Does Your Free Blog Hosting Put Your Blog at Risk?
Read the Terms of Service

Whichever host you choose, be sure to read the terms of  service before you  sign up. Make sure the  type of site you have in mind is compatible. Also read the details of your hosting plan to be familiar with its space and bandwidth limitations. You could be in trouble if you use too many resources. That happened to me on Hostgator once.

I once hosted my most important site, Books to Remember, there, but I no longer felt good about it after some problems with tech support. One person I talked to  made it sound like there would be no charge for a certain support task, and I should just call back when I was ready and any support person could help. I did that. After the task was complete they charged me $75 I had not counted on.

That’s one reason why SiteGround now hosts that site. I heard from many others how reliable SiteGround hosting is and how helpful the tech support is. I have also found that to be true since I moved my site there .  I’ve always been happy with the results. My tech support call waiting time is also very short compared to that I spent when I was with Hostgator.

Before You Move to a New Host, Do This

Back up your blog. Back it up to your computer,  to the cloud, and to an external hard drive. If you do all three, you should be protected. (I am very happy with my Seagate Plus 4T External Hard Drive, pictured below. It has room to back up my entire computer and also my photos and important documents in additional files I can access without restoring.)

Does Your Free Blog Hosting Put Your Blog at Risk?
My Seagate External Drive in Action, © B. Radisavljevic

Even if you  lose your hosting suddenly, you will have your content. It’s easy to export your blogs on a regular basis as XML files. In Blogger, click settings on your dashboard and select other. It will have an option to back up your blog. Click it and you will have your backup XML file. Save it wherever you want it to be.

Does Your Free Blog Hosting Put Your Blog at Risk?
Screen Shot of Blogger Export

 

If you have a WordPress.com site, you choose settings again and at the top you choose export. Save to wherever you want to keep it. On a self-hosted WordPress site, choose tools on your dashboard. Then click export. I just exported one third-party hosted  Wordpress.org blog  to a new site by just importing that file.

Does Your Free Blog Hosting Put Your Blog at Risk?
WordPress Export Screen

My exported arrived blog with  everything, even the photos, comments, and theme, intact. I decided to change the dates on all the posts and upload them one at at time to start the new site. That gave me a chance to edit the posts and improve them with what I learned from The Pajama Affiliates Blogging courses.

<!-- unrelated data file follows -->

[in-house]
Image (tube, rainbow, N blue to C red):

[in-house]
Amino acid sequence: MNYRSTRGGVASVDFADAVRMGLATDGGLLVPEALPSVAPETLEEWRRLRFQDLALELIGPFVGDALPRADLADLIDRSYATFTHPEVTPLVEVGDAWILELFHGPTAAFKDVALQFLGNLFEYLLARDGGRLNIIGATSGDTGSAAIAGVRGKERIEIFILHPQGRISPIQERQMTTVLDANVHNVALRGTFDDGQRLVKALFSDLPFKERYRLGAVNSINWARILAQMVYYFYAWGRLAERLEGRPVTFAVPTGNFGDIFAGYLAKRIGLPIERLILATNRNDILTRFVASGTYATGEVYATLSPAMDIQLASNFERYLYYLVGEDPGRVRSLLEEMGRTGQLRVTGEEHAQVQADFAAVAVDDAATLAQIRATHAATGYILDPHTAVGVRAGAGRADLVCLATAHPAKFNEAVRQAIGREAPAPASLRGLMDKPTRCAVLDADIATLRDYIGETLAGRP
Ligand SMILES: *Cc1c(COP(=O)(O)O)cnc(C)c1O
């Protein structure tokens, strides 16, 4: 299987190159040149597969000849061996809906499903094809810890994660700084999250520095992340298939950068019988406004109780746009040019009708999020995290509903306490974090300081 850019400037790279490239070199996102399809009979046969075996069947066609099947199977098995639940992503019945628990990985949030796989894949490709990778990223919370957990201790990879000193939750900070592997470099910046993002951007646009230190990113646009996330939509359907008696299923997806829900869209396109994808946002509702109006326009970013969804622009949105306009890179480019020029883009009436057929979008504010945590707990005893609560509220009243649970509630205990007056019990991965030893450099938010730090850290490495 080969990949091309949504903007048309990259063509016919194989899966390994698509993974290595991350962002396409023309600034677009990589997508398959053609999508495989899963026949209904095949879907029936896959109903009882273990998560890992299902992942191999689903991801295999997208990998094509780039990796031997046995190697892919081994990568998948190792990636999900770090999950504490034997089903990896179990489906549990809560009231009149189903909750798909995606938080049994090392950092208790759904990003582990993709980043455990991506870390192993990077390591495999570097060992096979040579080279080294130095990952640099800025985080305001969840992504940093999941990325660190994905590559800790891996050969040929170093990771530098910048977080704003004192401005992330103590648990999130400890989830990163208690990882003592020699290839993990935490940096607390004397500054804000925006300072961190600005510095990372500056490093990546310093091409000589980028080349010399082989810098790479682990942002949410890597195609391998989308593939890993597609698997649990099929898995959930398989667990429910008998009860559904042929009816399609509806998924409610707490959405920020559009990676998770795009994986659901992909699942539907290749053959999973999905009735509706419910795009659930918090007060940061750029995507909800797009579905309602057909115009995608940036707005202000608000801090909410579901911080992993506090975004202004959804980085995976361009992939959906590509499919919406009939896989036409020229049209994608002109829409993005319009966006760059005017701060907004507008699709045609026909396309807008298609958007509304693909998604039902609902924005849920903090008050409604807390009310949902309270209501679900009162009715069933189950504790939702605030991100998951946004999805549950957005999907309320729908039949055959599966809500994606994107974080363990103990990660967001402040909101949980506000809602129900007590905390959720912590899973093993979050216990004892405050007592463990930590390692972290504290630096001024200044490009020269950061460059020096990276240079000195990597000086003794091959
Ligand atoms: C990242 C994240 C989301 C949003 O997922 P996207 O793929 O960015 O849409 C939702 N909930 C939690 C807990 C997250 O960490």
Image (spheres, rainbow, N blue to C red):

Set Up Your New Self-Hosted WordPress Blog the Right Way from the Beginning

I had already set up several self-hosted WordPress blogs before I discovered the Pajama Affiliates Courses. When I signed up  for my new blog on SiteGround, I wanted to get off to a good start. I decided to do it while watching the 20 Pajama Affiliate videos in the WordPress in a Day Course.

I went step by step, with my blog open in one tab and a video open in another. I couldn’t believe how much I hadn’t known when I set up my other sites. I still need to make  changes in those first sites I built, but at least I now have one that was set up properly at the beginning. This one isn’t it.

I highly recommend the WordPress in a Day Course if you are just starting a new self-hosted WordPress blog. You can look all these great courses over and get a free sample to try before you buy. I now own most of these courses.

It’s Time to Leave Free Hosting Sites Behind

Does Your Free Blog Hosting Put Your Blog at Risk?

Back up your sites and move them to sites you own. The Pajama Affiliates can help you. Even if all you have is the free sample course, you will have access to the Facebook support group where you can ask questions and find answers to your blogging problems.

You simply should not risk all the work you’ve put into your blog by keeping it on a site you don’t control. Buying hosting and a domain name is a small price to  pay to maintain your independence. Check out SiteGround. They often give you your domain name free for the first year if you sign up for a new site. They did that for me.

Web Hosting

Please share this post with someone it might help.

Does Your Free Blog Hosting Put Your Blog at Risk?

 

 

Why It’s Important for Affiliate Marketers to Self-Host WordPress Sites

Do You Want to Blog for Money?

It’s very tempting for affiliate marketers to take advantage of “free” blogging platforms such as BlogJob or revenue sharing sites using a WordPress interface. These platforms have their advantages and many of us have used them with varying results. BlogJob is great if you want to be in a community situation and be able to earn with social activity as well as your blogs. If you are a serious affiliate marketing blogger, who wants control over the monetizing options and how your blog looks, it’s important to self-host your WordPress site.